Mitral (MI-tral) valve prolapse (MVP) is a condition in which the heart's mitral valve doesn't work well. The flaps of the valve are "floppy" and don't close tightly. These flaps normally help seal or open the valve.
Much of the time, MVP doesn't cause any problems. Rarely, blood can leak the wrong way through the floppy valve. This can lead to palpitations, shortness of breath, chest pain, and other symptoms. (Palpitations are feelings that your heart is skipping a beat, fluttering, or beating too hard or too fast.)
The mitral valve controls blood flow between the upper and lower chambers of the left side of the heart. The upper chamber is called the left atrium (AY-tree-um). The lower chamber is called the left ventricle (VEN-trih-kul).
The mitral valve allows blood to flow from the left atrium into the left ventricle, but not back the other way. The heart also has a right atrium and ventricle, separated by the tricuspid (tri-CUSS-pid) valve.
With each heartbeat, the atria contract and push blood into the ventricles. The flaps of the mitral and tricuspid valves open to let blood through. Then, the ventricles contract to pump the blood out of the heart.
When the ventricles contract, the flaps of the mitral and tricuspid valves close. They form a tight seal that prevents blood from flowing back into the atria.
For more information, go to the Health Topics How the Heart Works article. This article contains animations that show how your heart pumps blood and how your heart's electrical system works.
In MVP, when the left ventricle contracts, one or both flaps of the mitral valve flop or bulge back (prolapse) into the left atrium. This can prevent the valve from forming a tight seal.
As a result, blood may leak from the ventricle back into the atrium. The backflow of blood is called regurgitation (re-GUR-jih-TA-shun).
MVP doesn't always cause backflow. In fact, most people who have MVP don't have backflow and never have any related symptoms or problems. Their mitral valves still can form a tight seal.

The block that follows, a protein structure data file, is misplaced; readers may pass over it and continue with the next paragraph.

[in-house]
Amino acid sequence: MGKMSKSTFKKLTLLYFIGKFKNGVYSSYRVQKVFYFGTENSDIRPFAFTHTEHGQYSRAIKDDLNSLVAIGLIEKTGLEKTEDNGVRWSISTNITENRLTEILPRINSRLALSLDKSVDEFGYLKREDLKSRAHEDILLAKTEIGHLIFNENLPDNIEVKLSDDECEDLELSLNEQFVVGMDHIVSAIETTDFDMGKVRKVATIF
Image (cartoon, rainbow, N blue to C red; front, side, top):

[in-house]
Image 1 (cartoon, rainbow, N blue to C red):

When backflow does occur, it can cause shortness of breath, irregular heartbeats called arrhythmias (ah-RITH-me-ahs), or chest pain.
Backflow can get worse over time. It can change the heart's size and raise pressure in the left atrium and lungs. Backflow also raises the risk of heart valve infections.
Medicines can treat troublesome MVP symptoms and help prevent complications. Some people will need surgery to repair or replace their mitral valves.
MVP once was thought to affect as much as 5 to 15 percent of the population. Researchers now believe that many people who were diagnosed with MVP in the past didn't actually have a faulty mitral valve.
They may have had a slight bulging of the valve flaps due to other conditions, such as dehydration (lack of fluid in the body) or a small heart. However, their valves were normal, and little or no backflow of blood occurred.
Diagnosing MVP is more precise now because of a test called echocardiography (EK-o-kar-de-OG-ra-fee). This test allows doctors to easily see MVP and detect troublesome backflow.
As a result, researchers now think that less than 3 percent of the population actually has MVP. They believe an even smaller percentage has serious complications from the condition.
Most people who have MVP have no symptoms or medical problems and don't need treatment. They're able to lead normal, active lives; they may not even know they have the condition.
A small number of people who have MVP may need medicine to relieve their symptoms. Very few people who have MVP need heart valve surgery to repair their mitral valves.
Rarely, MVP can cause problems such as arrhythmias (irregular heartbeats) or infective endocarditis (EN-do-kar-DI-tis). Endocarditis is an infection of the inner lining of the heart chambers and valves. Bacteria that enter the bloodstream can cause the infection.
Clinical trials are research studies that explore whether a medical strategy, treatment, or device is safe and effective for humans. To find clinical trials that are currently underway for Mitral Valve Prolapse, visit www.clinicaltrials.gov.
December 9, 2013
Gary H. Gibbons
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